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Harry Cassin
Publisher and Editor

Andy Spalding
Senior Editor

Jessica Tillipman
Senior Editor

Bill Steinman
Senior Editor

Richard L. Cassin
Editor at Large

Elizabeth K. Spahn
Editor Emeritus

Cody Worthington
Contributing Editor

Julie DiMauro
Contributing Editor

Thomas Fox
Contributing Editor

Marc Alain Bohn
Contributing Editor

Bill Waite
Contributing Editor

Russell A. Stamets
Contributing Editor

Richard Bistrong
Contributing Editor

Eric Carlson
Contributing Editor

Och-Ziff lifts FCPA reserve to more than $400 million

Och-Ziff Capital Management Group LLC said Tuesday it has doubled its reserve for an FCPA settlement to more than $400 million.

The publicly-traded hedge fund in May reserved $200 million to resolve offenses arising from alleged bribes in Libya.

In Tuesday’s earnings release, Och-Ziff said it recorded an additional charge of $214.3 million during the quarter for FCPA investigations, bringing the full reserve to $414.3 million.

The firm said “based on discussions with the SEC and DOJ it believes that the government will pursue civil and criminal sanctions.”

Och-Ziff said “any resolution could have a material adverse effect” on its business, financial condition, or results of operations.

It reported a quarterly loss of $184.3 million.

In May, Och-Ziff said it received subpoenas from the DOJ and SEC beginning in 2011 requesting information about an investment “by a foreign sovereign wealth fund in some of our funds in 2007 and investments by some of our funds, both directly and indirectly, in a number of companies in Africa.”

The sovereign wealth fund referred to in the disclosure was the $65 billion Libyan Investment Authority, based in Tripoli.

On Tuesday, Och-Ziff said in a press release that it appointed William Barr to its eight-member board of directors. Barr served as U.S. attorney general from November 1991 to January 1993 under President George H.W. Bush.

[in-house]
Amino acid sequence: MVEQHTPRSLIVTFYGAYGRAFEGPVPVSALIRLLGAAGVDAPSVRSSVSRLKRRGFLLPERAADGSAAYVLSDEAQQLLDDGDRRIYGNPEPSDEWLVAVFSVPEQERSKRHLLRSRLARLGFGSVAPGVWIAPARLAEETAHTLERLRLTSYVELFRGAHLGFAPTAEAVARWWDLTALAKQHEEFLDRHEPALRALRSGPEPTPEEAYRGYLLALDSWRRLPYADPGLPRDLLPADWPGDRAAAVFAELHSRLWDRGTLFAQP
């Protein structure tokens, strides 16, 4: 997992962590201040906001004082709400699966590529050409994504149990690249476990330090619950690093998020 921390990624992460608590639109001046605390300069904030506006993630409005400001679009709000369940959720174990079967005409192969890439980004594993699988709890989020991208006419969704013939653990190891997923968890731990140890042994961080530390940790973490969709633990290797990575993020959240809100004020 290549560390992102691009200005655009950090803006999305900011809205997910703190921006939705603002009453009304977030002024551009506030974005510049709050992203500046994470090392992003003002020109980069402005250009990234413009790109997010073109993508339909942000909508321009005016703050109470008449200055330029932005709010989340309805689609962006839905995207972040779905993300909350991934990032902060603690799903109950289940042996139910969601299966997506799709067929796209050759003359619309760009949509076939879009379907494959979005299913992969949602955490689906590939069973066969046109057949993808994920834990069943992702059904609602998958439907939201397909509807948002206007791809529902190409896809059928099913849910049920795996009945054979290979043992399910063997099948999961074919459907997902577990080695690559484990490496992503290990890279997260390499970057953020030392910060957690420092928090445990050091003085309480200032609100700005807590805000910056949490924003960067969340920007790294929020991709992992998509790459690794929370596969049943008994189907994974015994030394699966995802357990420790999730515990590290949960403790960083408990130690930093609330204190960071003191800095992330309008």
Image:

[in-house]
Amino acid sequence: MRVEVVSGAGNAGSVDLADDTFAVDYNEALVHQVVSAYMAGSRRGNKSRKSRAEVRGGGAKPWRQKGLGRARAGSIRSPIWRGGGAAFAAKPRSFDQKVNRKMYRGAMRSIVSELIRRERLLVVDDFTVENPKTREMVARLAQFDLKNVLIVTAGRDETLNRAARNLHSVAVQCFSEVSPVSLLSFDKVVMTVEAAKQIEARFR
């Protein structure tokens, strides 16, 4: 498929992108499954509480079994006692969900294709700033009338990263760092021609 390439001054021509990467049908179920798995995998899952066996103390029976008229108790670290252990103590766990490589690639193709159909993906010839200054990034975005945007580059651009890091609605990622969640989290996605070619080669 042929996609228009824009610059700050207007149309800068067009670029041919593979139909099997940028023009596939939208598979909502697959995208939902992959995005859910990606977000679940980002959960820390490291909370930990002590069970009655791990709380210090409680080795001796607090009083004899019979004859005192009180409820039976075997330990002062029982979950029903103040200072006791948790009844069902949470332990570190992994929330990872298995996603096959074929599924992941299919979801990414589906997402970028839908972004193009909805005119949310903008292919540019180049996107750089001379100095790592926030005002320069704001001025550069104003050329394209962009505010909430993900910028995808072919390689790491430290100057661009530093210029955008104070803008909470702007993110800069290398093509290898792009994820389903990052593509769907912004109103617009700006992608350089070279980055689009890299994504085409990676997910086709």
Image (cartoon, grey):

New York-based Och-Ziff was founded in 1994 by Daniel Och. It’s one of the biggest institutional alternative asset managers in the world. It has about $39 billion under management.

In 2011, the SEC launched a broad investigation into whether banks, private-equity firms, and other money managers violated the FCPA in their dealings with sovereign wealth funds.

An enforcement action of more than $400 million would rank fourth on the FCPA Blog’s top ten list. Currently BAE Systems ranks fourth with a $400 million FCPA resolution in 2010. KBR / Halliburton is third with a $529 million settlement in 2009.

The FCPA investigation is focused on Och-Ziff’s former head of European investing, Michael Cohen, the Wall Street Journal said. Cohen, based in London, was responsible for investments in Libya and other African countries. He resigned from Och-Ziff in March 2013 after 15 years.

The firm said Tuesday it may issue new preferred units to raise $500 million to fund the FCPA matter and general business expenses. 

Och-Ziff Capital Management Group LLC trades on the NYSE under the symbol OZM.

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Here’s the main FCPA disclosure from Och-Ziff’s Form 10-Q filed with the SEC on August 2, 2016:

As previously disclosed, since 2011, the Company has been investigated by the U.S. Securities and Exchange Commission (the “SEC”) and the U.S. Department of Justice (the “DOJ”) concerning possible violations of the FCPA and other laws. While the Company is unable to predict the full scope, duration or outcome of the SEC and DOJ investigations, based on discussions with the SEC and DOJ it believes that the government will pursue civil and criminal sanctions. The Company is in discussions with the SEC and DOJ concerning resolution of these matters. The Company accrued $200.0 million in the first quarter of 2016 in connection with the disclosed investigations and recorded an additional charge of $214.3 million in connection with the disclosed investigations for the second quarter of 2016. The probable estimated loss, which totals $414.3 million, may be subject to change based on the terms of any final settlement with the SEC and DOJ relating to those matters. Any resolution could have a material adverse effect on the Company’s business, financial condition or results of operations.

And here’s an item that appeared separately in the 10-Q about possible funding for the FCPA matter:

Certain of our executive managing directors are in discussions with a Special Committee of our Board of Directors regarding a potential financing transaction of up to $500.0 million of perpetual preferred units, the proceeds of which would be used to fund payments in connection with our ongoing FCPA investigation and for general corporate purposes. The dividend rate on the units is expected to be 0% initially for three years, after which it is expected to increase over time and upon the occurrence of certain events to be agreed. The units would not be convertible into Class A Shares.


Richard L. Cassin is the publisher and editor of the FCPA Blog. He’ll be the keynote speaker at the FCPA Blog NYC Conference 2016

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